Tanzania: Tracing the human rights concerns at Petra Diamonds' subsidiary, incl. company's perspective
"How Petra Diamonds Ended Up in a Human Rights Mess"
Hans Merket, a researcher with the International Peace Information Service (IPIS), says he didn’t go into Tanzania expecting to learn about people getting hurt and killed. His group simply wanted to measure how mines were viewed by surrounding communities. But when they got to Mwadui, the area around the Williamson diamond mine, he kept hearing how mine security forces had taken violent action against purported trespassers on the mine area. There were reports of people being shot, stabbed, beaten, locked up, and killed...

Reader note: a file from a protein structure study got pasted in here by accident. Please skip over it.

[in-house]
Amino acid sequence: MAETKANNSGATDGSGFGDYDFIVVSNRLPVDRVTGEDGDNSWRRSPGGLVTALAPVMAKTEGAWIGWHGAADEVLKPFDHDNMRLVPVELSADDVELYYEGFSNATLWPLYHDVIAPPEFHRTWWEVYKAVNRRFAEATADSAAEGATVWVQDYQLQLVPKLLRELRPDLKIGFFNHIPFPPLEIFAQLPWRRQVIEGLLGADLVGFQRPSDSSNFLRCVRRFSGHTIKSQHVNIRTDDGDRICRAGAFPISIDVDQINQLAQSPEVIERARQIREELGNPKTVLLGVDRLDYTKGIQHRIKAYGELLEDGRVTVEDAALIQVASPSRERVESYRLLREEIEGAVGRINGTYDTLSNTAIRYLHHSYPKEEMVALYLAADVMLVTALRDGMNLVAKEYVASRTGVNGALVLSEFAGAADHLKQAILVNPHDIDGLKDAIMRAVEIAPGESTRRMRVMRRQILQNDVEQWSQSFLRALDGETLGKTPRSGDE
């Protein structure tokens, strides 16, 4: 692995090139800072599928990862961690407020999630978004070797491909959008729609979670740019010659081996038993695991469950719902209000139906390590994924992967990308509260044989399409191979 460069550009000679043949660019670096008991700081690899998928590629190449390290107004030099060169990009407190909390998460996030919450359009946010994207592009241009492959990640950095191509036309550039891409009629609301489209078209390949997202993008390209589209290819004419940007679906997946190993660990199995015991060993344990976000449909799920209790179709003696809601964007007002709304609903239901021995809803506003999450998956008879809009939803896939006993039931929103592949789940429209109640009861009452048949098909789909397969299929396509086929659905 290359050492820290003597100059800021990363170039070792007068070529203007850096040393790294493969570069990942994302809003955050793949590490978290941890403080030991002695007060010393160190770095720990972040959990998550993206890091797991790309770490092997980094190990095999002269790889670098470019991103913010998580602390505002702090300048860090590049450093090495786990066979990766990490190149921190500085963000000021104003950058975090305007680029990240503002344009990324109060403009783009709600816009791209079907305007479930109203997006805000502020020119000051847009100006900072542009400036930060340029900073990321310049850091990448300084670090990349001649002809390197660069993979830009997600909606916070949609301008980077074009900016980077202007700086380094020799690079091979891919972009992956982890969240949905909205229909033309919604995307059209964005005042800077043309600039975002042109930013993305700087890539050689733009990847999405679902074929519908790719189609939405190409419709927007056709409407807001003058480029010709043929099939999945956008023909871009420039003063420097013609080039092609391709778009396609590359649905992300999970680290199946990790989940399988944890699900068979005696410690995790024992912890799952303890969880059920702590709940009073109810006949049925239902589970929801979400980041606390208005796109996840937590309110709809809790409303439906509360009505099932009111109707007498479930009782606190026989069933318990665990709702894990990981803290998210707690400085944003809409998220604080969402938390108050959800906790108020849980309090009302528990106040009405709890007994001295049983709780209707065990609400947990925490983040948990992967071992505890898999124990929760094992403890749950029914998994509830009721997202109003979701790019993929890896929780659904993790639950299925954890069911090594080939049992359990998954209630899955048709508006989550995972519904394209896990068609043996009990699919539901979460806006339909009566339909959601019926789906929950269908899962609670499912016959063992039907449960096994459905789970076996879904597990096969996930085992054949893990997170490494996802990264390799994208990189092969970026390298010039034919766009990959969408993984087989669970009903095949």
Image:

In September 2020, U.K. law firm Leigh Day sued Petra on behalf of more than 30 Tanzanian nationals, charging a pattern of human rights abuses. Two months later, the NGO Rights and Accountability in Development (RAID) issued a report that linked mine security to at least seven deaths and 41 assaults. In May, Petra agreed to a $6 million settlement with Leigh Day, whose list of claimants had swelled to 71. That number may grow even further, as another 25 claims are being investigated. And while the settlement included the standard “no admission of liability” from Petra, the miner’s statement went further than most in admitting that yes, things were bad. “Petra acknowledges that past incidents have taken place that regrettably resulted in the loss of life, injury, and the mistreatment of illegal diggers,” the company said in the statement. Petra also made public an independent report on the topic.